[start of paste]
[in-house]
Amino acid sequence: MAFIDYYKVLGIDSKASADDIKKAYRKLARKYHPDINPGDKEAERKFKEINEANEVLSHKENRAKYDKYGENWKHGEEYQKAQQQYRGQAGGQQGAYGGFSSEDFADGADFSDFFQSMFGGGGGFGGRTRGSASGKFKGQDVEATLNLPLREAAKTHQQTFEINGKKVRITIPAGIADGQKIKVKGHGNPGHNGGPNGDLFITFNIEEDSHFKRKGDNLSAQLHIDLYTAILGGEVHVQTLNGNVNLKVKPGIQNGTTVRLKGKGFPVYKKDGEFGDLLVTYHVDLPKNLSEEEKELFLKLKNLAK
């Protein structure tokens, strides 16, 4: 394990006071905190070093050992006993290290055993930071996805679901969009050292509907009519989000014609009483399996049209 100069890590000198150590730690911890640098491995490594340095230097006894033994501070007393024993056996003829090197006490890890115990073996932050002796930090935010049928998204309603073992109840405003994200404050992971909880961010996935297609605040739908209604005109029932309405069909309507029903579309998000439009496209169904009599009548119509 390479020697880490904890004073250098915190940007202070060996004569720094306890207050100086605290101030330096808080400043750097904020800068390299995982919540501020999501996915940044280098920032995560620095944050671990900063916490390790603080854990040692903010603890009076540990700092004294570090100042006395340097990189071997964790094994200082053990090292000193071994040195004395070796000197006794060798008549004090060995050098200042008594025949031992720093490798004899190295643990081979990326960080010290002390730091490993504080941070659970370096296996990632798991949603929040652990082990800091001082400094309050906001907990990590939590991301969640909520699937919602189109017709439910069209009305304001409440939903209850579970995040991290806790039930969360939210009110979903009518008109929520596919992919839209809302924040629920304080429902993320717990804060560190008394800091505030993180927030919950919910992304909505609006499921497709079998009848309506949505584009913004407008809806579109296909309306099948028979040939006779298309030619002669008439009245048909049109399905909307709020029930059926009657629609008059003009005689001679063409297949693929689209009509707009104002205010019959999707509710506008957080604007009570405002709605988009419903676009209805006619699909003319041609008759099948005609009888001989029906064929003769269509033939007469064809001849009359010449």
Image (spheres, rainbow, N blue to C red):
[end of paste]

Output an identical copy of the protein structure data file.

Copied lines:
[in-house]
Amino acid sequence: MAFIDYYKVLGIDSKASADDIKKAYRKLARKYHPDINPGDKEAERKFKEINEANEVLSHKENRAKYDKYGENWKHGEEYQKAQQQYRGQAGGQQGAYGGFSSEDFADGADFSDFFQSMFGGGGGFGGRTRGSASGKFKGQDVEATLNLPLREAAKTHQQTFEINGKKVRITIPAGIADGQKIKVKGHGNPGHNGGPNGDLFITFNIEEDSHFKRKGDNLSAQLHIDLYTAILGGEVHVQTLNGNVNLKVKPGIQNGTTVRLKGKGFPVYKKDGEFGDLLVTYHVDLPKNLSEEEKELFLKLKNLAK
């Protein structure tokens, strides 16, 4: 394990006071905190070093050992006993290290055993930071996805679901969009050292509907009519989000014609009483399996049209 100069890590000198150590730690911890640098491995490594340095230097006894033994501070007393024993056996003829090197006490890890115990073996932050002796930090935010049928998204309603073992109840405003994200404050992971909880961010996935297609605040739908209604005109029932309405069909309507029903579309998000439009496209169904009599009548119509 390479020697880490904890004073250098915190940007202070060996004569720094306890207050100086605290101030330096808080400043750097904020800068390299995982919540501020999501996915940044280098920032995560620095944050671990900063916490390790603080854990040692903010603890009076540990700092004294570090100042006395340097990189071997964790094994200082053990090292000193071994040195004395070796000197006794060798008549004090060995050098200042008594025949031992720093490798004899190295643990081979990326960080010290002390730091490993504080941070659970370096296996990632798991949603929040652990082990800091001082400094309050906001907990990590939590991301969640909520699937919602189109017709439910069209009305304001409440939903209850579970995040991290806790039930969360939210009110979903009518008109929520596919992919839209809302924040629920304080429902993320717990804060560190008394800091505030993180927030919950919910992304909505609006499921497709079998009848309506949505584009913004407008809806579109296909309306099948028979040939006779298309030619002669008439009245048909049109399905909307709020029930059926009657629609008059003009005689001679063409297949693929689209009509707009104002205010019959999707509710506008957080604007009570405002709605988009419903676009209805006619699909003319041609008759099948005609009888001989029906064929003769269509033939007469064809001849009359010449």
Image (spheres, rainbow, N blue to C red):